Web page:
On Windows 10, virtual memory is required. The OS will manage virtual memory on its own by default. It will choose a value based on what it considers to be the best and the amount of RAM you have. On Windows 10, however, you can change the virtual memory size to whatever you want. You have the option of lowering or raising it. You should be aware that increasing it necessitates having that much free disk space. Here’s how to Increase Virtual Memory in Windows 10.
Change virtual memory size
Go to System and Security>System in the Control Panel. Select Advanced System Settings from the left-hand column.
Go to the Advanced tab in the System Properties window (window 1 in the screenshot below). Under the ‘Performance’ section, click ‘Settings.’ The Performance Options window will open as a result of this (window 2 in the screenshot below). Under the ‘Virtual Memory‘ section of the Advanced tab, click ‘Change.’ The window for Virtual Memory will appear (window 3 in the screenshot below). Untick the box that says “Automatically manage paging file size for all devices.” Each drive can have its own virtual memory.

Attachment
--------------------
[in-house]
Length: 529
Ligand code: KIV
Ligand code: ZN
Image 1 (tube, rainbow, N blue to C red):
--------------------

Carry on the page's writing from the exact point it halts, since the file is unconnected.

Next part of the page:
Ensure that the C drive is selected and that the ‘Custom size‘ option is selected. You can now specify how much virtual memory should occupy. There is a minimum size limit of 16MB, which is extremely small. There’s also a recommended size, which is quite small, and the virtual drive’s current size.
Keep the above constraints in mind as you adjust the virtual memory size. To close all three windows, click OK/Apply when you’re finished. A prompt will appear informing you that a system restart is required to apply the change. Accept the prompt and restart your computer to change the size of your virtual memory.
Increasing the virtual memory size will improve the performance of your system, but only to a certain extent. If you’re having trouble running RAM-intensive apps, increasing virtual memory should help, if not solve the problem. Its reduction in size may have a negative impact on the performance of your system. Setting it to the recommended size may not be the best option. The recommended size is significantly smaller than the default setting in Windows 10, but that doesn’t mean you should follow it.
Adding a few extra GBs to the virtual memory isn’t a bad idea if you have the space. It’s simple to revert to the previous setting if it doesn’t improve performance, so there’s no risk.